Graphene, the one-atom thick, two-dimensional carbon allotrope, has received significant attention owing to its extraordinary properties which, among several potential outlooks, hold promises to revolutionize coating applications. Yet, the full technological potential of graphene coatings still requires better understanding of how the atomic monolayer alters the wetting properties of the underlying substrate. From a more fundamental viewpoint, this raises the issue of the respective roles of short- and long-range interactions in the wetting properties of a substrate by a liquid.
To this date, the topic remains highly controversial because of the challenge of defining an unambiguous experimental system able to discriminate the intrinsic wettability from the influence of ambient adsorbates. In this paper, we suspend graphene monolayers over silicon surfaces bearing nanopillars. The precise control over the nanopillar profile allows us to vary the area fraction of suspended graphene from 0% to 95% which is used to effectively “tune” the liquid-substrate interactions. Our system further allows to introduce water in the free space between the nanopillars, thus reaching the uncommon situation where water drops are deposited on graphene as it virtually floats over water.
Our approach leads to two main results.
- First, fully suspended graphene exhibits the highest water contact angle (85°±5) compared to partially suspended and supported graphene, regardless of the hydrophobicity (hydrophilicity) of the underlying substrate.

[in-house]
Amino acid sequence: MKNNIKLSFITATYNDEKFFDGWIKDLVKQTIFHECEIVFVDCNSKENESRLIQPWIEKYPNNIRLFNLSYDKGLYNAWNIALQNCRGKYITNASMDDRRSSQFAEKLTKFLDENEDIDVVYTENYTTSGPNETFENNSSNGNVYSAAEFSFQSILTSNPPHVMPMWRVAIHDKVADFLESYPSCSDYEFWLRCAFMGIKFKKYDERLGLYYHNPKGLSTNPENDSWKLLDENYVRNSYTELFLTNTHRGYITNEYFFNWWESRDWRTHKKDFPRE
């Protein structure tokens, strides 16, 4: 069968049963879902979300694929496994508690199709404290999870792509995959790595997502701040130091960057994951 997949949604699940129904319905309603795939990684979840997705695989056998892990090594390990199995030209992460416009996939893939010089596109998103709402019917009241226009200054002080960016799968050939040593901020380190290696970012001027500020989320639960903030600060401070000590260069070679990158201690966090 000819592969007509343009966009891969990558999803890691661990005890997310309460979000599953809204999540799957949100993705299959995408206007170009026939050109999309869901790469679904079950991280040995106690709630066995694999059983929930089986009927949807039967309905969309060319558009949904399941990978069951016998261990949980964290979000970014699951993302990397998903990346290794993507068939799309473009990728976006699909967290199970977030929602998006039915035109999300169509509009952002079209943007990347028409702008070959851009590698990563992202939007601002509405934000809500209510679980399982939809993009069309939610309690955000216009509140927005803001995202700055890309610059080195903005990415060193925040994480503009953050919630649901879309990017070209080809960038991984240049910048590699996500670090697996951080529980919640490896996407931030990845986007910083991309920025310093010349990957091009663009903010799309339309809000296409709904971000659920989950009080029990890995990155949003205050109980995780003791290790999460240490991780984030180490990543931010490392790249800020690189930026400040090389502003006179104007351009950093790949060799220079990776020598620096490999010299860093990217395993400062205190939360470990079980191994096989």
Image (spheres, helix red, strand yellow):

- Second, in the presence of a substrate, we could quantify that ca. 80% of the long-range water-substrate interactions are screened by the graphene monolayer.
This study shows that graphene opens new ways to engineer surface energy of surfaces and to investigate the relationship between molecular interactions and macroscopic wetting properties, an issue which remains largely unanswered in wetting science.
This work was initiated during the fellowship of Antonio Checco in CEMES funded by the Laboratory of Excellence NEXT and was supported, in part, by the project SUGAREE funded by the Laboratory of Excellence NEXT n° ANR-10-LABX-0037.
Wettability of partially suspended graphene
T. Ondarçuhu, V. Thomas, M. Nuñez, E. Dujardin, A. Rahman, C. Black, A. Checco, Sci. Rep., 6 (2016) 24237 http://dx.doi.org/10.1038/srep24237.
Dr. Thierry Ondarcuhu : ondar chez cemes.fr